The Book of Joy: Lasting Happiness in a Changing World,
by the Dalai Lama, Desmond Tutu and Douglas Carlton Abrams
(Penguin Random House, 2016)
Without forgiveness, we remain tethered to the person who harmed us.
I’ve been gradually reading my way through this a beautiful book, a narrative of the April 2015 meetings between Archbishop Desmond Tutu and the Dalia Lama in Dharamsala, India, on the occasion of the latter’s 80th birthday.
The morning and afternoon pubic meetings each day were structured around a series of questions submitted from a over the world and organized into a developing sequence of topics:
- Day 1—The Nature of True Joy
- Days 2 & 3—The Obstacles to Joy
- Days 4 & 5—The Eight Pillars of Joy.
These two humble, comical, compassionate world leaders capture in five days the essence of what I’ve been seeking and practicing for decades: practical integration of the core truths of Christianity and Buddhism.
Here is are some excerpts on forgiveness, narrated by Douglas Abrams (pp. 235-37).
“Forgiveness,” the Archbishop added, “is the only way to heal ourselves and to be free from the past.”
As he and [his daughter] Mpho explained in The Book of Forgiving, “Without forgiveness, we remain tethered to the person who harmed us. We are bound to the chains of bitterness, tied together, trapped.
“Until we can forgive the person who harmed us, that person will hold the keys to our happiness, that person will be our jailor. When we forgive, we take back control of our own fate and our feelings. We become our own liberator.”
“So what do you say to people,” I asked the Dalai Lama, “who say that forgiveness seems like weakness, and revenge seems like strength?”
“There are certain people who act out of the animal mind. When someone hits them, they want to hit back, retaliate.” The Dalai Lama made a fist and pretended to hit himself. “With our human brain, we can think. If I hit back, what use will it be in the short-term or in the long-term?
“We can also realize that obviously nobody was born to be cruel, to harm us, but because of certain circumstances, now he or she dislikes me, so hits me….
Sitting and thinking of the different causes and conditions, then you see that if we are really angry we must be angry toward the causes and conditions— ultimately their anger, their ignorance, their short-sightedness, their narrow-mindedness. So that brings a sense of concern, and we can feel sorry for these people….”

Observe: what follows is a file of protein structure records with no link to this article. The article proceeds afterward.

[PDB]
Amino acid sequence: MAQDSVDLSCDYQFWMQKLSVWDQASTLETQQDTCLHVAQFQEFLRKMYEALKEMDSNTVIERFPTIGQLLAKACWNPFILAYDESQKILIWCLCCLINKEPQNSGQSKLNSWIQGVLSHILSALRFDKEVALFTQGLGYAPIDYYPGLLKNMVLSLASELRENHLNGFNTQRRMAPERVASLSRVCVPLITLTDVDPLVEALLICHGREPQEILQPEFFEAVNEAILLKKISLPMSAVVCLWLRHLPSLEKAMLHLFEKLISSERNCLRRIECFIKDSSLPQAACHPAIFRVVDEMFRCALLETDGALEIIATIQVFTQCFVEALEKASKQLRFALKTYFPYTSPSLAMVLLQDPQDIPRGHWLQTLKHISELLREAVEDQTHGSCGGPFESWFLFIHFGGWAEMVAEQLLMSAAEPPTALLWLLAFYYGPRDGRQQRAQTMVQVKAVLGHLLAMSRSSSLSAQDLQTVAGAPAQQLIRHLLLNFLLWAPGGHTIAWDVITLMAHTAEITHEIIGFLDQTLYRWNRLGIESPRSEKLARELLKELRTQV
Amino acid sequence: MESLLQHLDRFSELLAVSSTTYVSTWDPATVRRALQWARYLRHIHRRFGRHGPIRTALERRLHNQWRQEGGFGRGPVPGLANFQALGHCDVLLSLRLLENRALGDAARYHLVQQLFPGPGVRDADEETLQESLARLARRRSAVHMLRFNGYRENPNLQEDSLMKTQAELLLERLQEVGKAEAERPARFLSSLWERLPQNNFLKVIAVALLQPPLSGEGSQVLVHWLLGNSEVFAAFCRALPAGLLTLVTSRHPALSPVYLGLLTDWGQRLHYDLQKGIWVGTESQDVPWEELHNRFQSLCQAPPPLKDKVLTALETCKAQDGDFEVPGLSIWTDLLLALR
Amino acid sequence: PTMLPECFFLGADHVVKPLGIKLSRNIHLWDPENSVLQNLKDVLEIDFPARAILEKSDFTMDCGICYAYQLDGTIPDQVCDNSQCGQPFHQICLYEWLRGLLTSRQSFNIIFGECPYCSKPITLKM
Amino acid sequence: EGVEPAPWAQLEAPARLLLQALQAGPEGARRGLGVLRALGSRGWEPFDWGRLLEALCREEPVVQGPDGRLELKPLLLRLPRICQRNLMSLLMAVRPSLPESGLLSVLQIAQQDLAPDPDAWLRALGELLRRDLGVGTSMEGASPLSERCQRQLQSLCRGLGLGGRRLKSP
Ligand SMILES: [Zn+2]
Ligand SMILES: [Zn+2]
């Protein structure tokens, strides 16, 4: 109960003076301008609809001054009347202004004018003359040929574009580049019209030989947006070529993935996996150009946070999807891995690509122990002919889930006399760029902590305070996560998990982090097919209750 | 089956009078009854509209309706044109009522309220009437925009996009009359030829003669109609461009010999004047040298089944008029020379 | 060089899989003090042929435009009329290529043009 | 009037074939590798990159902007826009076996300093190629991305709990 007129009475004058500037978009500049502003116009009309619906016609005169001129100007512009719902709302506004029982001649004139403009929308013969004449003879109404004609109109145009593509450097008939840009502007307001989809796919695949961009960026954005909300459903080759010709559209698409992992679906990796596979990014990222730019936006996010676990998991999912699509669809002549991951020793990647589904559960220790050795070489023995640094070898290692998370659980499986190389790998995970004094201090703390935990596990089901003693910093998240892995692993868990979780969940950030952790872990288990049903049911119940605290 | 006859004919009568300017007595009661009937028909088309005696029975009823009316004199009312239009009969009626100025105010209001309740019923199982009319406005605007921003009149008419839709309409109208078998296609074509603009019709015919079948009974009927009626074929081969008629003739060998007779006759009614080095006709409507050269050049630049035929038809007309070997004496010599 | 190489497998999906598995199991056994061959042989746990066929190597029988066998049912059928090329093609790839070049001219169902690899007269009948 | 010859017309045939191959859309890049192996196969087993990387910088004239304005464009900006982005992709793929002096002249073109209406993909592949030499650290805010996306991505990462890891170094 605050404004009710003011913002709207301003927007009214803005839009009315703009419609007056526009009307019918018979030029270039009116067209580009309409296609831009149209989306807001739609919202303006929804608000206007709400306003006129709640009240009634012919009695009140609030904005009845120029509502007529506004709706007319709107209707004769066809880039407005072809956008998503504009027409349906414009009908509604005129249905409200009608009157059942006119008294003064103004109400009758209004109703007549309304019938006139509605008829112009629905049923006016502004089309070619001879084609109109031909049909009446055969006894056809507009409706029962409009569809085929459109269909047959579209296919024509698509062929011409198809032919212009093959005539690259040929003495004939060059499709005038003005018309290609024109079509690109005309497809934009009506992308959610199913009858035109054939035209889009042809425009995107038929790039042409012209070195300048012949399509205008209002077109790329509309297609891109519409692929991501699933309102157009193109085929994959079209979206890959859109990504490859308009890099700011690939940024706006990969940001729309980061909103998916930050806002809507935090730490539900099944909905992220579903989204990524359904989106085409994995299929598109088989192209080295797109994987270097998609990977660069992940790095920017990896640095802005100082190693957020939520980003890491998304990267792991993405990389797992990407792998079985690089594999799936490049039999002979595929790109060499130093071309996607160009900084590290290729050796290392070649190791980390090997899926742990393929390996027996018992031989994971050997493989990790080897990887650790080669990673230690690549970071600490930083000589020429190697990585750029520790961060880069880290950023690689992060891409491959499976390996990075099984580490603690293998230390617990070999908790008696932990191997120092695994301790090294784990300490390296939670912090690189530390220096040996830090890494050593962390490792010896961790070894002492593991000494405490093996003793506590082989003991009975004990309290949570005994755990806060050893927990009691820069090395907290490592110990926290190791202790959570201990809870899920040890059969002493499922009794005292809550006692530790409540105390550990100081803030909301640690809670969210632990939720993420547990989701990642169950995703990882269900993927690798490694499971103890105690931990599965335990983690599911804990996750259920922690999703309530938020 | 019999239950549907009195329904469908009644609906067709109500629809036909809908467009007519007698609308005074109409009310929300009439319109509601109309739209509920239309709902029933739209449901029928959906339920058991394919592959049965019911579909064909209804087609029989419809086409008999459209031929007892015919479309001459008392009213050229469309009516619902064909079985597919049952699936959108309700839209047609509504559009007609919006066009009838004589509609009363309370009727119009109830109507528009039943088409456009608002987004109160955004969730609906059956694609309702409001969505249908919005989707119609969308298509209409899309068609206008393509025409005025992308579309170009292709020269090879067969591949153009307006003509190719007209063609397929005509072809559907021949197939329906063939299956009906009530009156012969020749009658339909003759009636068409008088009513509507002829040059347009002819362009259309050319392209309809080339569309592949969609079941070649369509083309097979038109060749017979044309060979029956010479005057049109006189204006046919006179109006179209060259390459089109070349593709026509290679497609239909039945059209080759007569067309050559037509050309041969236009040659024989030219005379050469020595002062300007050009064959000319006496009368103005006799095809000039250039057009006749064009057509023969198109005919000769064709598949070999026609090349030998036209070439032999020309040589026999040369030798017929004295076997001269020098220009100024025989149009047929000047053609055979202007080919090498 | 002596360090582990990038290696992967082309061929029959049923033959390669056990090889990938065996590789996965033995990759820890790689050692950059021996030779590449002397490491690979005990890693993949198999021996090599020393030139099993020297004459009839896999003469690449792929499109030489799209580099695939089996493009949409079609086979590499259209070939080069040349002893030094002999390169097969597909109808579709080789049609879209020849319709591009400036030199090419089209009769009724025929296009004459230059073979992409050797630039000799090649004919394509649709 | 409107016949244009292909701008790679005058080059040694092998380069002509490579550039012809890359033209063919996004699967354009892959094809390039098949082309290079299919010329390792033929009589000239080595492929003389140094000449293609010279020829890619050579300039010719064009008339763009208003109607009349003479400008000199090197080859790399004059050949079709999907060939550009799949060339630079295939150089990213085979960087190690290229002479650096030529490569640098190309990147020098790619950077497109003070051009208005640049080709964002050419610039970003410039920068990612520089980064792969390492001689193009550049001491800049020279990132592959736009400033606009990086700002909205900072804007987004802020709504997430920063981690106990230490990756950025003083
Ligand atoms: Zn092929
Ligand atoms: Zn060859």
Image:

“So it is totally wrong,” he said emphatically, cutting his hand sharply through the air, “to say that practice of tolerance and practice of forgiveness arc signs of weakness….
“Absolutely, yes,” the Archbishop said with a laugh. “I was just going to say that those who say forgiving is a sign of weakness haven’t tried it….”
In The Book of Forgiving, the Archbishop and Mpho outline two cycles: the cycle of revenge and the cycle of forgiveness. When a hurt or harm happens, we can choose to hurt back or to heal.
If we choose to retaliate, or pay back, the cycle of revenge and harm continues endlessly, but if we choose to forgive, we break the cycle and we can heal, renewing or releasing the relationship….
When people remembered their grudges, they had a stress response—their blood pressure and heart rate increased and they began to sweat. They felt sad, angry, intense, and less in control.
When they were asked to empathize with their offenders and to imagine forgiving them, their stress responses returned to normal.
As social animals, it is very stressful for us, and for the whole group, when there is rupture in the relationships that bind us together.
In a review of the research on forgiveness and health, Everett L. Worthington Jr. and Michael Scherer found that unforgiveness seems to compromise the immune system in a number of ways, including disrupting the production of important hormones and the way that our cells fight off infections.
Image: “Dalai Lama & Desmond Tutu Laughing,” photographer unknown. From “The two most joyful people on the planet have written a book and it’s called The Book of Joy,” by Lynsey Chutel